I hope things work out okay

The skills-building continues. I had a pretty good weekend and I got a lot accomplished, putting my personal portfolio online. Looking at it now, I can see much room for improvement, which is good. I just need to not get hung up on feeling bad because I didn’t think of it the first time. This is an “iterative process” as they say. I need to just keep going back and refining.

I also have some additional things I’m working on that I hope will help me bring in extra money on the side. That has been interrupted with weather conditions, but at least I’m moving forward. Step by step, bit by bit. I am moving forward.

I just hope things work out okay. I often think things are perfect, then they are obviously not.  It can be a problem. The best I can do, sometimes, is just do what I feel is right and hope for the best. I just have to keep going, make adjustments where I need to, and keep learning… because this is all about learning. And growing. And improving regularly.

The main thing is not being thrown when things turn out really differently from how I expect or plan or prepare for. It can be a real problem for me to rebound after a setback. But I once heard someone say that a setback is a setup for a comeback, so I’m going to hang onto that idea.

And just keep going.

This is not how I want to think, but I’m going to say it anyway

I have been feeling very down, these past few days. I know that I am over-tired, and that has a lot to do with it. But still… I feel down, and I don’t like it.

On the one hand, I know I am making really good progress with my job and my skills. I feel very positive and hopeful about my future.

But on the other hand, I am sad about how things have turned out with my present situation, and I am kind of mourning the passing of all the high hopes I had for the job I am trying to leave.

It’s really got very little to do with me, the way the job has changed. And the things I’ve been asked to do have been so overwhelmingly complex — for anyone — that anyone would have struggled the way I have been struggling. I know that now, although for some time I thought it was really me that had the problem. The problem is not with me. It is with the job.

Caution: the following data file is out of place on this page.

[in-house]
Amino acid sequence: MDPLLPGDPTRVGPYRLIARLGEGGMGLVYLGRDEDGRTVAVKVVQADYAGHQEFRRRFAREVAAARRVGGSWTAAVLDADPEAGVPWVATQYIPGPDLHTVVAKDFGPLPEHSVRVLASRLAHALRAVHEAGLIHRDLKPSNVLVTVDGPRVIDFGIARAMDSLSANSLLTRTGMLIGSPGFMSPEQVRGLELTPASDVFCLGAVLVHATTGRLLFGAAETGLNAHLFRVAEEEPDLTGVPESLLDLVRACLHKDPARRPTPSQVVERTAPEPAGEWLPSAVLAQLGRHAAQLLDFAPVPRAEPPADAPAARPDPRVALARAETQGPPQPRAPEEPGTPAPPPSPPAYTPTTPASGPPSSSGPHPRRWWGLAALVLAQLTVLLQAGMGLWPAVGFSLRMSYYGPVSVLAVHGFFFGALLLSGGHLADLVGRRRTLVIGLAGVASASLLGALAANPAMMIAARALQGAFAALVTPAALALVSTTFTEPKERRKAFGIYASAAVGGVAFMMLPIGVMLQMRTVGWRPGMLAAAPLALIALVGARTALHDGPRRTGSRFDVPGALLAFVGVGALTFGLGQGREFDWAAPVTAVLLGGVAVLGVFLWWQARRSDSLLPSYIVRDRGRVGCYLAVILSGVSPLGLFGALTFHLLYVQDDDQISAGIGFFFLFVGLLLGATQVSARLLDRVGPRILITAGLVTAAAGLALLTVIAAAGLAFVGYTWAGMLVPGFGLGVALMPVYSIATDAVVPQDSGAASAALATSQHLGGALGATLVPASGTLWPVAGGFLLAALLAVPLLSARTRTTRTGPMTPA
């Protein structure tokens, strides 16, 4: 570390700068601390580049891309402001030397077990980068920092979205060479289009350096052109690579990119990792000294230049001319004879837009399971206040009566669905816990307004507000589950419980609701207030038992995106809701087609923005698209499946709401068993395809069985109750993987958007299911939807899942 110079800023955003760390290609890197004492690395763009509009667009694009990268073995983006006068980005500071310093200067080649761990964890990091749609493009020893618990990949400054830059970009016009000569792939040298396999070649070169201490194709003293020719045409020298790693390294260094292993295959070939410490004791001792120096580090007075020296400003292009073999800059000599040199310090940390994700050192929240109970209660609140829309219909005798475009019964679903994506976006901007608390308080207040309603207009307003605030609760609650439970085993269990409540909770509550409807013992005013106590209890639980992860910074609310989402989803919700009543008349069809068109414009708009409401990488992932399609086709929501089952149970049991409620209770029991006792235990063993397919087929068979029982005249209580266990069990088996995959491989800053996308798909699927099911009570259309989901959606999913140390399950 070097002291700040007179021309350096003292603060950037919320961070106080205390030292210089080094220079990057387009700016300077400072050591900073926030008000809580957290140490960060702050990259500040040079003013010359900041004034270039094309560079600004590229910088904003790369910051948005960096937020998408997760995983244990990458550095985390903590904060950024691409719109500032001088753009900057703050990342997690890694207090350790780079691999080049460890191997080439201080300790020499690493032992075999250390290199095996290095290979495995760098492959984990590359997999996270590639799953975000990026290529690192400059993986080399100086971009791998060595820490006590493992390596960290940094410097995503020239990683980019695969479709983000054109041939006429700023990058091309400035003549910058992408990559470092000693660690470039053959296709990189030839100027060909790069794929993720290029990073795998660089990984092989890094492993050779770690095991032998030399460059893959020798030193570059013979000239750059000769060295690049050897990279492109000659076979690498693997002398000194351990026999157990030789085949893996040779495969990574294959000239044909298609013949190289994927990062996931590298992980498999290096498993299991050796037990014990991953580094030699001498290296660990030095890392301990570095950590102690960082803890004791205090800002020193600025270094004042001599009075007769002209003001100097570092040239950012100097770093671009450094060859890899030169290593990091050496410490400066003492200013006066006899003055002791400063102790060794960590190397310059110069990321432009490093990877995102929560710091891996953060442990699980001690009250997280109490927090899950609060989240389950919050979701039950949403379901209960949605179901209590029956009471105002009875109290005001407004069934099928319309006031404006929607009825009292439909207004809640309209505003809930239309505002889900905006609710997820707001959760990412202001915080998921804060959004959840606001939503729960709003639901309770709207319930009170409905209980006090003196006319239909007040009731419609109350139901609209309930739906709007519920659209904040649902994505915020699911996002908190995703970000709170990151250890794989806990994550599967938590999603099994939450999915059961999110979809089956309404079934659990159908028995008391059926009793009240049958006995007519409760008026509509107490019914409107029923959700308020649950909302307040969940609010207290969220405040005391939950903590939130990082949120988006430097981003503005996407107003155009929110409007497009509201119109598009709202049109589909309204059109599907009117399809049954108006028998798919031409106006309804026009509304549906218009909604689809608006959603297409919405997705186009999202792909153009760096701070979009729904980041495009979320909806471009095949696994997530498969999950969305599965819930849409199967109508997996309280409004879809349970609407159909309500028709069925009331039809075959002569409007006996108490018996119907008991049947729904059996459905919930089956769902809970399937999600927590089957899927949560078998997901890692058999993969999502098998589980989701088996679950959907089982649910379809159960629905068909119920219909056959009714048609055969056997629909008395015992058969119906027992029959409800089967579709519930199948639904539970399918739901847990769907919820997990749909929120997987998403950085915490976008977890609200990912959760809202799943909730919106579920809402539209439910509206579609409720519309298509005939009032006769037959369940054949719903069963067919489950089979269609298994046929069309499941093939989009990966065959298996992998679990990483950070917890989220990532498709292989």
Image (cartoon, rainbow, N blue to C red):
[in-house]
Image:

And yet there’s a part of me that won’t let go of the idea that I should have been able to make it work. Somehow. If I wanted it badly enough, I would have managed. If I’d been willing to work a little harder… if I’d been smarter… if I’d reached out and asked for help more often…

Blah-blah-blah. The committee in my head is not doing me any favors. The fact of the matter is, it is NOT me – it is the job. And the more I think about it, the more I realize that my boss’es boss has probably wanted me gone for about a year, now, since they started changing the focus of the team I’m on. I really don’t fit into their version of how people should work, or what makes us productive team members. They are very much into competition, blaming, making fun of people behind their backs, finding fault, being aggressive towards others, and schmoozing up to the people in charge.

Which is the exact opposite of how I am. And that’s precisely why I’ve been so successful in my work — because I am into collaboration and cooperation, including people from different teams, being respectful of others and treating them like professional colleagues (which they are), and telling the truth instead of slanted version which will make me (or my boss) look good.

The fact of the matter is, they cannot dare not include me in meetings, because I’m not willing to cover them and their lies, and if things are messed up and need to be fixed, I say it — and get down to fixing them.

So, it’s really small wonder that I’m not being made to feel welcome, that the rest of the group is “circling the wagons” and keeping me at arms’ length, and that I am never included in important discussions until after the decisions have been made. It’s just not a good fit – but that’s probably a testament to my effectiveness and the quality of my work, rather than a dark mark against me.

Even so, I’m bummed that this isn’t working out… that I need to find another job… that I have to deal with recruiters and hiring managers again… I’m also a little paranoid that the hiring managers and recruiters I talked to about a month ago have not gotten back to me, even though they said they would call me. I don’t like feeling like this — paranoid and self-doubting.

What I really want is to just do my own thing. Just cut loose from this crazy day-job business and find a way to work by myself, for myself. It may be me just wanting to isolate and avoid others because of all the wrong reasons, but I that’s how I feel. Or maybe I just need to be in an uber-geeky environment, as I once was, and that will help. I got a couple of lottery tickets last night – just in case. I should check them….

Okay, what would make me feel better? Being free of the foolishness, that’s what. I just feel like people can be so cruel and dense — like all the stupid comments and jokes people are making about Hurricane Sandy, when there are real lives at stake. And I am so tired of being surrounded by people who care more about what others think of them, than what the right thing to do is.

God, just let me crawl into my little hole and let the world pass me by…

On the other hand (and here’s the weird/manic part about it), I am feeling incredibly calm and sure and certain and hopeful, and I am so excited about the next phase of my life. I have a much clearer view of where I’m going and what I want to be doing with myself, and I am taking steps to follow that. I know that this present situation – uncomfortable and sad as it is – is a temporary one. And I know that things always change. Always. So, I can’t get too bummed out.

All the same, I am feeling bummed out, some of the time. I’m tired. I know that.  It’s normal for times of change. I know that too. And the holidays are coming, with my crazy family waiting for me. That isn’t helping.